Paul is communications director for the Center for Inquiry, as well as an actor and musician. His blog is iMortal, and he tweets as @paulfidalgo, and the blog tweets as @iMortal_blog.
The opinions expressed on this blog are personal to Paul and do not necessarily represent the views of the Center for Inquiry.
I think Ta-Nehisi Coates is one of the finest writers working today. Hardly a day, a news story, a crisis, or a controversy goes by in which the people I respect online don’t say something akin to, “TNC nails it,” followed by a link to his take. And they’re usually right. Coates has recently been steeping himself in European history, which has included a couple of volumes on 20th century Europe in the midst of Hitler, Stalin, the Holocaust, and its struggles to repair, redeem, and unify. Considering the breadth and relentlessness of human violence and disorder, he figured something out: Read more
Bouncing off some of the issues about seculars and the need (or lack thereof) for religion and church-like ritual I and others have been posting about over the past couple of days, I tweeted this yesterday: I thought seculars already had “transcendent” rituals and places. They’re called TED talks and Apple Stores.— Paul Fidalgo (@PaulFidalgo) December 30, 2013 Ha ha ha, right? If you’ve read more than a handful of my work, you’ve already seen me go on and on about how I half-jokingly consider Apple my “religion” and The Steve (peace be upon him) my prophet. Ha ha ha. Old news. But when I made that tweet, I had no idea that this piece by Benjamin Bratton in The Guardian would go up hours later (thereby confirming my psychic powers). The subject? How TED talks have become, as Bratton describes them, “middlebrow megachurch infotainment.” Read more
Human Rights Without Frontiers International, a Brussels-based nonprofit, has released a rather comprehensive report on those who have been imprisoned for religious dissent around the world, and the countries who imprison them. Of particular note to this audience is the report’s acknowledgment of the nonreligious. This year, a specific section has been created for prisoners whose freedom of expression related to religious issues was violated on the basis of laws against blasphemy, defamation of religion or the Prophet and similar issues: Egypt, Indonesia, Iran, Pakistan, Saudi Arabia, Syria, Tanzania, Tunisia and Turkey. Read more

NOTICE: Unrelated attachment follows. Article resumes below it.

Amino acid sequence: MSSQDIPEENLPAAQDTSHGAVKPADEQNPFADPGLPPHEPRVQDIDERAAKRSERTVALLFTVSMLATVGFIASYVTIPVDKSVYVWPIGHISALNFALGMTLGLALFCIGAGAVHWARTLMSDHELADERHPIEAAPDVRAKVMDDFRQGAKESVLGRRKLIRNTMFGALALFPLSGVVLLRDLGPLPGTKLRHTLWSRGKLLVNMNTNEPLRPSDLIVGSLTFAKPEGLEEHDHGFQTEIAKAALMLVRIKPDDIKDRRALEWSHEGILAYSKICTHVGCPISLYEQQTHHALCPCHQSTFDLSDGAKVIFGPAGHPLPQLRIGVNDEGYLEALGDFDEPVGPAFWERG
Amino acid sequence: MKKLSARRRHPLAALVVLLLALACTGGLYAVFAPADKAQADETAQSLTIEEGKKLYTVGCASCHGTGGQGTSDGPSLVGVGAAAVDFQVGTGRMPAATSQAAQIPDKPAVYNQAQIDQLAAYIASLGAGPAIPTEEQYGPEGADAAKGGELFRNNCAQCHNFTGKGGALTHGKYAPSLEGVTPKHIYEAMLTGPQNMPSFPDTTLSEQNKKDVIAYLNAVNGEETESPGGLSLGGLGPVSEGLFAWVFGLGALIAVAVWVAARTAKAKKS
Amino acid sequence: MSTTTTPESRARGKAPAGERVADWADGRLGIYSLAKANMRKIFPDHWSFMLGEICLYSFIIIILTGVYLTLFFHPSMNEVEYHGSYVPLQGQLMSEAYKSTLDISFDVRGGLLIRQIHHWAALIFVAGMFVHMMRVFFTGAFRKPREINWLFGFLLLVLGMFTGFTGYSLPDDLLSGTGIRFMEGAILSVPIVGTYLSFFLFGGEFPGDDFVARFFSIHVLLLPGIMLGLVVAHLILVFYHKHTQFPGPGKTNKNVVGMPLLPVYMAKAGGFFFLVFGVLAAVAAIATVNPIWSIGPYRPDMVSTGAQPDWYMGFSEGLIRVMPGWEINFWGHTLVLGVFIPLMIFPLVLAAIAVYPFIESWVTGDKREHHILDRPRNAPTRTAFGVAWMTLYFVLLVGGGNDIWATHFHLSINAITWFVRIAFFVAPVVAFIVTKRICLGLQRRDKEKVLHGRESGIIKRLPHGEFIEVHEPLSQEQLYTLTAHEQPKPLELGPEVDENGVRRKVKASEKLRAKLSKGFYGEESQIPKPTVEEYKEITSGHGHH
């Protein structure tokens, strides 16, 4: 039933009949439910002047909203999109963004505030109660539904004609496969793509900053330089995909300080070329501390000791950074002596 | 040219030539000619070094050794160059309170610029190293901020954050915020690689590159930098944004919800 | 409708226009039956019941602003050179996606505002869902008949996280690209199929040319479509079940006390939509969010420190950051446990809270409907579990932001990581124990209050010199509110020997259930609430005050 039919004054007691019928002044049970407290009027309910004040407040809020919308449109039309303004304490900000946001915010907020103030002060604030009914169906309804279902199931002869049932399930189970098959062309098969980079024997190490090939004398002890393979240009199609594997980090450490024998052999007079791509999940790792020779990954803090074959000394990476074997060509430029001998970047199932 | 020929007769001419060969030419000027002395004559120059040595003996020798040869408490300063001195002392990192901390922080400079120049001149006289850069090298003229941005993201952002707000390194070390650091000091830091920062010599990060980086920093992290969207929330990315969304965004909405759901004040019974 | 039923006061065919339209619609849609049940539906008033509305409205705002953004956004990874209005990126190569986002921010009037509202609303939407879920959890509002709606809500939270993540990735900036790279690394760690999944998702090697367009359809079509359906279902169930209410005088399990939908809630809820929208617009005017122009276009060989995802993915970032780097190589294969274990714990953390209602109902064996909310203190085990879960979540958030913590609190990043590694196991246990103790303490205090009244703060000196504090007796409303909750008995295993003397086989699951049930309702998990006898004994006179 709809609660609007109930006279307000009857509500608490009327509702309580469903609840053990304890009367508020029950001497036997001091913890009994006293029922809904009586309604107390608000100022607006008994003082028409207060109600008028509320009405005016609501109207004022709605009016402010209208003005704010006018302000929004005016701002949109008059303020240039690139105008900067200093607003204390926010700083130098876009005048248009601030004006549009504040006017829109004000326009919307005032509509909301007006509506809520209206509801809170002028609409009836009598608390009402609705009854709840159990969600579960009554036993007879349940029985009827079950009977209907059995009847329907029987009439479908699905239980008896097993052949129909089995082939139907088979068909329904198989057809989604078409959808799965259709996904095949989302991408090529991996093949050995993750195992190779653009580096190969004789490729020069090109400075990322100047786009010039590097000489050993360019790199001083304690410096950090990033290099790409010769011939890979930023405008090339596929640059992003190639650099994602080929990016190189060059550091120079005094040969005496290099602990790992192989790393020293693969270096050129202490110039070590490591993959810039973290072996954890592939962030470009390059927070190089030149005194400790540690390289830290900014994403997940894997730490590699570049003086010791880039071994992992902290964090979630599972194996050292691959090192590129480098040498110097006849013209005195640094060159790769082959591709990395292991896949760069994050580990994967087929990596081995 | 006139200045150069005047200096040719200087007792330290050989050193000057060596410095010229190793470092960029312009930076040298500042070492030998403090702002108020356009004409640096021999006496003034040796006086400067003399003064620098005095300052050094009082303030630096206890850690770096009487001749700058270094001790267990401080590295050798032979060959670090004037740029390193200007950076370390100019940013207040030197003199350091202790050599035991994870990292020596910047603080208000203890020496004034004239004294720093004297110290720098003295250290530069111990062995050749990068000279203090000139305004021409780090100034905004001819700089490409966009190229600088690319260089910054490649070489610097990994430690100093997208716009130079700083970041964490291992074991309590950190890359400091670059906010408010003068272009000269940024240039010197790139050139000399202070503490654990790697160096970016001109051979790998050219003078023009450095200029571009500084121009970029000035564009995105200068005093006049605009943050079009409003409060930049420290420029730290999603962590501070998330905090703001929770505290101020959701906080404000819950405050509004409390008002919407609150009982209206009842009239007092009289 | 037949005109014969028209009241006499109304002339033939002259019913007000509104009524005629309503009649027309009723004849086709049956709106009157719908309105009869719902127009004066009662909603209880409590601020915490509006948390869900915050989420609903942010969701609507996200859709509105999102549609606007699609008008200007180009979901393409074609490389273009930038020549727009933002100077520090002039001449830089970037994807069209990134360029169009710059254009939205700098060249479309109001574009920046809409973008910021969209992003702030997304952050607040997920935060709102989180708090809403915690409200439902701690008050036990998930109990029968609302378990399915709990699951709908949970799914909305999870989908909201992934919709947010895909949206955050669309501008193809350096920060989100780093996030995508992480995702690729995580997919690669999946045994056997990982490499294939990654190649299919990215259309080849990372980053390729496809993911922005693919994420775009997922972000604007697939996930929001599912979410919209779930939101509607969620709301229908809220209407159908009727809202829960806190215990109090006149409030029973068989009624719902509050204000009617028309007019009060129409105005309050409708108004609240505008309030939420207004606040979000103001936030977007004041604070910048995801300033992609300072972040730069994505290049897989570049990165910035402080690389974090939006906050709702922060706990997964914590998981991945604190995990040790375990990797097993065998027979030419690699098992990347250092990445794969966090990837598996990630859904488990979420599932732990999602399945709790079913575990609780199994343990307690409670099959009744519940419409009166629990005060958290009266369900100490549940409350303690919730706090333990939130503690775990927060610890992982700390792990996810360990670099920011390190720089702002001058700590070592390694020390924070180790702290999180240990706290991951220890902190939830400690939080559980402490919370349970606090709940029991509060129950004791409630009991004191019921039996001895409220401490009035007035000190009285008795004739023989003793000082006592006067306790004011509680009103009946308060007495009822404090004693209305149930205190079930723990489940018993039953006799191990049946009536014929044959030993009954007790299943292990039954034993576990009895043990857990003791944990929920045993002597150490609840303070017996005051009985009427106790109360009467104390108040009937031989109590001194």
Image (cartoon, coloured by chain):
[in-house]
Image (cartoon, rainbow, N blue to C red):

According to new research, the act of prayer can strengthen one’s will and refuel an exhausted brain. This comes to us from a post at Scientific American by Piercarlo Valdesolo, where we learn that Prof. Malt Friese and Michaela Wanke put participants through some emotionally and cognitively draining tasks — suppressing emotion and laughter while watching a funny video followed by identifying the colors of words that spell different colors as they flash by rapidly. Then the participants were told to pray for 5 minutes, and what happened? Participants who were asked to pray about a topic of their choosing for five minutes showed significantly better performance on the [color identifying task] after emotion suppression, compared to participants who were simply asked to think about a topic of their choosing. And this effect held regardless of whether participants identified as religious (70 percent) or not. Read more
In an excerpt from his book Drugs: The Science and Culture of Psychotropic Drugs at The Atlantic, Richard J. Miller examines the claim that intense religious experience, and religion itself, can be traced back to the consumption of hallucinogenic drugs, or, “entheogenic” drugs. It’s hard to deny that there is a strong connection between religion and these substances, with, as Miller notes, countless references to particular drugs in various religious texts (from “soma” in Hindu scripture to “the drug of forgetfulness” in The Odyssey), and considering the “spiritual” impact psychotropics have been shown to have. Take this bit of research by Timothy Leary and Richard Alpert cited by Miller: On Good Friday 1962, two groups of students received either psilocybin or niacin (a nonhallucinogenic “control” substance) on a double-blind basis prior to the service in Boston University’s Marsh Chapel. Read more